- Apple's revenue growth came to a halt in the first three months of the year, “as the coronavirus pandemic shuttered its retail stores, dampened consumer demand for iPhones and rattled the company's global manufacturing operations,” writes Business Insider. The company’s fiscal second-quarter revenue of $58.3 billion is up less than 1 percent from the same period one year ago.
- The U.S. House Committee on Transportation and Infrastructure opened an inquiry into Carnival Corp.’s handling of the Covid-19 outbreaks that have resulted in more than 1,500 confirmed cases of the novel coronavirus aboard its cruise ships, writes Bloomberg, as well as dozens of passenger and crew deaths.
- Softbank is taking a $6.6 billion hit on its WeWork investment, reports Reuters. It is entangled in a legal dispute with directors at WeWork after backing out of a $3 billion tender offer agreed when it bailed out the office-sharing firm following a flopped IPO attempt last year.
The Economy and Bond Market
- The Federal Reserve widened a key program to nurse the “Main Street” economy through the coronavirus pandemic, agreeing to lend to even larger firms, taking on more risk in participation with banks, and hinting at some form of dedicated help for non-profits. The central bank said it would open its “Main Street Lending Facility” to companies with up 15,000 employees and $5 billion in revenue compared to an initial program limited to those with 10,000 workers and $2.5 billion in revenue when it was announced on April 9. The size of the program will remain the same for now with $600 billion in loans available.
- U.S. construction spending edged up 0.9 percent in March as building activity escaped the early impacts of the coronavirus shutdowns. The Commerce Department said that the increase followed a 2.5 percent drop in spending in February.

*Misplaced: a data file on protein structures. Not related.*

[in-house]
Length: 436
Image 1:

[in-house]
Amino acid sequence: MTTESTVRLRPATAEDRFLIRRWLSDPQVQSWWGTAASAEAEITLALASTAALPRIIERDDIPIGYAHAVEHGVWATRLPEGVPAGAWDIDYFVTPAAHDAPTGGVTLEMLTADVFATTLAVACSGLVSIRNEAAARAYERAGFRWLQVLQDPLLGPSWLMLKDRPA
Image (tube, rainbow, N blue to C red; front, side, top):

- Federal Reserve officials on Friday stressed they were thinking about more and innovative ways to help the economy and not about pulling back support. St. Louis Fed President James Bullard told the Wall Street Journal the central bank would be offering support to the economy as long as needed. Richmond Fed President Thomas Barkin said the Fed had more work to do to help the economy recover.
- Millions more Americans filed for unemployment benefits last week, sending the six-week total above 30 million since the coronavirus pandemic began. Initial jobless claims totaled 3.84 million in the week ended April 25. While filings remain at levels unseen before the crisis, it’s the fourth week that the pace has decelerated, suggesting that the worst of the labor-market hit may have already occurred.
- Gross domestic product fell 4.8 percent in the first quarter. Economists surveyed by Dow Jones had expected the first estimate of GDP to show a 3.5 percent contraction. This marked the first negative GDP reading since the 1.1 percent decline in the first quarter of 2014 and the lowest level since the 8.4 percent plunge in Q4 of 2008.
- Consumer confidence plunged in April as millions lost their jobs and there was an unprecedented deterioration of an index that monitors their attitudes about current business and work conditions. The Conference Board said Tuesday that its confidence index tumbled to a reading of 86.9, the lowest level in nearly six years and down from 118.8 in March.
- Bill Gates thinks there are eight to 10 promising coronavirus vaccine candidates and one could be ready in as little as nine months. There are more than a hundred coronavirus vaccines in the works.
- House Speaker Nancy Pelosi said Thursday states and cities alone are seeking as much as $1 trillion in aid in the next coronavirus relief package, a figure that may be tough to reach as Congress juggles demands to bolster the economy. Pelosi said state governments are still finalizing their request but have so far sought $500 billion, while local governments have a similar figure.
- The U.K. is testing using drones to deliver urgent medical supplies and equipment as part of the fight against COVID-19. Under a trial that starts this week, an autonomous drone will carry personal protective equipment from three hospitals in Hampshire, a county in southern England, to a hospital on the Isle of Wight, an island off England's south coast, and back again.
- The unemployment rate is set to surge from 4.4 percent in March, when 701,000 people lost their jobs in the non-farm payrolls report, to 15.1 percent.
- Treasury Secretary Steven Mnuchin said states that had poorly managed budgets before the Covid-19 outbreak sent their economies reeling should not be rescued by the federal government. “This isn’t just going to be a federal bailout of the states,” Mnuchin said early Tuesday on CNBC.
- State tax revenue in the coming fiscal year is poised to be about $160 billion less than it was in 2019 due to the deep economic slowdown caused by the coronavirus, according to a report by Moody’s. Unless states raise taxes, they are unlikely to see a recovery to 2019 levels for years, analysts led by Marcia Van Wagner wrote.
Energy and Natural Resources Market